After Violence in Northern Israel, Students Reconsider Study Abroad

When the first rocket hit Haifa, David was sitting at his desk studying. Four days later, the medical student in the American program at the Technion — Israel Institute of Technology was back home in Baltimore. The university canceled final exams after the Israel-Hezbollah war erupted in mid-July — and David, who asked that his real name not be used, saw no point in sticking around.

Now that a fragile cease-fire has taken hold in the region, the Technion, located in Israel’s third-largest city, has resumed normal operations.

But David isn’t sure if he’ll return to campus in October, the start of the fall semester.

“If the situation stays peaceful, I may go back,” he says. “If it’s not, I have no idea.”

American students have had to make tough choices this summer about whether to study abroad in Israel. With tensions in the Middle East running high, they worry about their safety — and so do their universities.

Some U.S. colleges have suspended study-abroad programs in northern Israel and have asked students not to attend universities in Jerusalem or Tel Aviv, even though those cities didn’t come under Hezbollah rocket fire.

Other colleges haven’t sent students to Israel since the Palestinian intifada began in September 2000. Those institutions base their decisions on State Department travel warnings; the one for Israel has been in effect since December 2001.

Universities cannot forbid students from studying in Israel, but they can refuse to give students credit for study abroad there. Most U.S. universities require that students who want to study in Israel take a leave of absence to do so.

Leaders of American Jewish organizations say universities shouldn’t suspend their study-abroad programs in Israel in light of the recent fighting. They note the inherent risks of studying abroad in any country, and don’t want college officials to overreact.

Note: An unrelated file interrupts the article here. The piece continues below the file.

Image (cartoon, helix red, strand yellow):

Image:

“We sympathize with schools trying to walk this line between what they saw on TV screens from July and August and student delegations heading to Israel,” says David Harris, executive director of the Israel on Campus Coalition, a group of national organizations that promote Israel advocacy on campus. “The fact is, Israel is a safe place to study.”

But study-abroad officials say some parts of the country are safer than others, at least for now.

This is “the first time rockets have fallen in Haifa and people have had to spend considerable amounts of time in bomb shelters,” says Joe Finkhouse, director of institutional relations in Boston University’s division of international programs. “That changes everything considerably.”

For roughly a dozen years, the university has run a study-abroad program at the University of Haifa. B.U. officials have never canceled the program, Finkhouse says, nor did they cancel it this semester — but the four students who had enrolled dropped out three weeks ago because of security concerns.

“We’re looking forward to re-enrolling students spring semester,” he says.

One University of Pennsylvania student was slated to study at the University of Haifa this semester, says Shannon Connelly, an overseas program manager at Penn. But the student is currently studying at Tel Aviv University, based on Penn’s decision.

Some colleges, like New York University and the University of California system, have said “no” for years. Both schools do not send students to countries with travel warnings.